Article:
Not for the Timid
My Father's Party is Busted! – a no-holds-barred political exhibition – runs through January 20 at BC Space Gallery in Laguna Beach. View our Web-exclusive photos!
Jeffrey Frisch shreds money in a kitchen meat grinder, showing how meaningless money has become. Sandra Jones Campbell comments on Hurricane Katrina and government involvement in The Suits Remain High and Dry. Three men hang stranded from a pole, as Campbell portrays how federal agents kept themselves out of harm’s way during the hurricane’s devastation. Lynn Victoria creates Okey Dokey, a patchwork quilt of her photocopied hand in a variety of gestures expressing acquiescence to rage through sign language.
Fraught with confrontational ideas, the exhibition My Father’s Party is Busted! presents how individual citizens – in this case, artists – express how large government and business organizations affect lives. Where else could you see this high-voltage show but at BC Space Gallery? Be forewarned, the exhibition is not for the timid.
The show began in October to capture the pre-election hoopla, had its reception on Election Day, and ends on Inauguration Day, January 20. A conceptual no-holds-barred exhibition, it is conceived with frankness and daring, a composite of disparate opinions of 40-plus artists, and over 70 works of art. The work represents comments on the “busted” state of American political, social, economic, and philosophical attitudes, without leaning towards any particular party, person or ideology. Everything is fair game when artists confront the “badly broken systems” under which society functions. Passions continue to mount as new art is generated during the course of the show.
Curator Mark Chamberlain conceived the exhibition when elections and candidates were not yet decided. Having a reputation for nearly 36 years of being a voice in the wilderness, Chamberlain sent out invitations to artists who, as concerned citizens, were asked to express through art their thoughts on the state of the nation. No topic was sacred. It turns out, now that the election is over, that the seemingly unanticipated financial meltdown and its domino effect in many sectors of the national and world economy – including the art world – confirms the droll exhibition theme containing words with a double meaning such as “father,” “party” and “busted.”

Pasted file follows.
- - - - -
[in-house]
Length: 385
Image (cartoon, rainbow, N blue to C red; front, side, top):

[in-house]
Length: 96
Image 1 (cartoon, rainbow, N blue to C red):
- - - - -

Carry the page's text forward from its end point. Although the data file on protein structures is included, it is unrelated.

Ron English makes a provocative statement about our political progress by folding history into one portrait of Barack Obama/Abraham Lincoln. Pat Sparkuhl’s mixed media assemblage of Boy-Toy is meticulously thought out and makes a powerful anti-war statement. One of the piercing anti-war paintings (and there are several) is created by Bradford Salamon, who renders a portrait of three males in which one young man salutes as he proudly wears a Coast Guard uniform. A small boy nearby spoofs his posture while his shadow forms the shape of an ominous gun. A third boy, in the background with a body of water behind him, seems to be on a swing, but he has nothing to hold on to.
21st Century Freedom is a sculpture by Hayley Blatte, who deals with patriotism (an American-flag-turned-jumpsuit) and how it can be as blinding (masking the face and body) as what we purport to defend ourselves against.
Busted is a synergistic experience that weaves together concerns of many, not just the artistic community, and confirms that one of the roles of art is to bring issues to public attention in the most visual and potent way. Busted proves to be a timely and pertinent exhibition, and one that no other art venue thought to mount.
WHAT My Father's Party is Busted!
WHERE BC Space Gallery, 235 Forest Ave., Laguna Beach, (949) 497-1880; bcspace.com
WHEN Through January 20